|quæ volumus et credimus libenter, et quæ sentimus ipsi, reliquos sentire speramus||what we desire we readily believe, and what we ourselves think, we expect the rest to think (Julius Cæsar)|
|ante senectutem curavi ut bene viverem, in senectute (curo) ut bene moriar; bene autem mori est libenter mori||before old age I took care to live well; in old age I take care to die well; but to die well is to die willingly (Seneca)|
|bonum virum facile crederes, magnum libenter||you might believe a good man easily, a great man with pleasure (Tacitus)|
|cum corpore mentem crescere sentimus pariterque senescere||we find that, as the mind strengthens with the body, it decays with it in like manner (Lucretius)|
|deos enim reliquos accepimus, Cæsares dedimus||the other gods were handed down to us, but we ourselves made the Cæsars gods (Valerius Maximus)|
|deum esse credimus||we believe in the existence of God|
|errare malo cum Platone, quam cum istis vera sentire||I’d rather be wrong with Plato than think right with those men (Cicero)|
|et genus et proavos, et quæ non fecimus ipsi, vix ea nostra voco||we can scarcely call birth and ancestry, and what we have not ourselves done, our own|
|exemplo quodcunque malo committitur, ipsi displicet auctori||whatever is committed from a bad example is displeasing even to its author (i.e., we hate the faults in others that we see in ourselves) (Juvenal)|
|Fere libenter homines id quod volunt credunt||Men readily believe what they want to believe. (Caesar)|
|fere libenter homines id quod volunt credunt||men willingly believe what they wish to believe (Julius Cæsar)|
|fontes ipsi sitiunt||even the fountains complain of thirst|
|genus et proavos et quæ non fecimus ipsi, vix ea nostra voco||birth, ancestry, and what we have ourselves not done, I would hardly call our own (Ovid)|
|gigni pariter cum corpore, et una crescere sentimus pariterque senescere mentem||we see that the mind is born with the body, that it grows with it, and also ages with it (Lucretius)|
|gratulor quod eum quem necesse erat diligere, qualiscunque esset, talem habemus, ut libenter quoque diligamus||I am glad that the one whom I must have loved from duty, whatever he might have been, is the same one whom I can love from inclination (Trebonius, according to Tullium)|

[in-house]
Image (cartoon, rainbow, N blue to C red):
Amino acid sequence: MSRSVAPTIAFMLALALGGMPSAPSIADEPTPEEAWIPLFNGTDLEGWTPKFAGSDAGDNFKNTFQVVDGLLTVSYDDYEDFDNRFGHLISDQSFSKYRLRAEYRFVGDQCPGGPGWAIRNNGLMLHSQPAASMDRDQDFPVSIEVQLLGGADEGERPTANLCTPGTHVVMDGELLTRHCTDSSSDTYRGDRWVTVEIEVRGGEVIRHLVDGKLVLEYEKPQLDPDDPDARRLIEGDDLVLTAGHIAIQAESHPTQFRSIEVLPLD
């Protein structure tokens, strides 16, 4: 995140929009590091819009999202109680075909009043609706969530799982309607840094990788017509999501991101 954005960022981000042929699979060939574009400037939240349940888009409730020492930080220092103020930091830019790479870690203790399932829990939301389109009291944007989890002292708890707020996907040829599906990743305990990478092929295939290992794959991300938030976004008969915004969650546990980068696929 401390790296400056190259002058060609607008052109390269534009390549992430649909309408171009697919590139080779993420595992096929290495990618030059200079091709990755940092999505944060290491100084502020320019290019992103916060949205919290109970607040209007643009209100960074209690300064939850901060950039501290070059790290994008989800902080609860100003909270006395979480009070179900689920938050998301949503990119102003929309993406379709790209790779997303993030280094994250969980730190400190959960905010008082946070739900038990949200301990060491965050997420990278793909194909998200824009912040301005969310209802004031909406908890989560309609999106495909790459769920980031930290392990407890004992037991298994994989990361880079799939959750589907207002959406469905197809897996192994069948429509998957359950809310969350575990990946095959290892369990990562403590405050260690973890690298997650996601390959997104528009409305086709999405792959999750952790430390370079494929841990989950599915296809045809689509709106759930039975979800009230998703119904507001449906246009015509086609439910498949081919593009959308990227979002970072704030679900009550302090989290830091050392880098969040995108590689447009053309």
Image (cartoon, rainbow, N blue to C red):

|Homines libenter quod volunt credunt||Men believe what they want to. (Terentius)|
|Homines libenter quod volunt credunt||Men freely believe what they want to. (Terentius)|
|homo qui erranti comiter monstrat viam, quasi lumen de suo lumine accendit, facit; nihilominus ipsi luceat, cum illi accenderit||the one who kindly shows the way to one who has gone astray, acts as though he had lighted another’s lamp from his own, which both gives light to the other and continues to shine for himself (Cicero)|
|in Deo speramus||in God we trust (motto of Brown University)|
|Inter nos perdite amare volumus||We agreed to love each other madly.|
Translations: 1 – 20 / 49
EUdict (European dictionary) is a collection of online dictionaries for the languages spoken mostly in Europe. These dictionaries are the result of the work of many authors who worked very hard and finally offered their product free of charge on the internet thus making it easier to all of us to communicate with each other. Some of the dictionaries have only a few thousand words, others have more than 320,000. Some of the words may be incorrectly translated or mistyped.
Esperanto is only partially translated. Please help us improve this site by translating its interface.
Total number of language pairs: 492
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My name is Tomislav Kuzmic, I live in Croatia and this site is my personal project. I am responsible for the concept, design, programming and development. I do this in my spare time. To contact me for any reason please send me an email to tkuzmic at gmail dot com. Let me take this chance to thank all who contributed to the making of these dictionaries and improving the site's quality:
EUdict is online since May 9, 2005 and English<>Croatian dictionary on tkuzmic.com since June 16, 2003.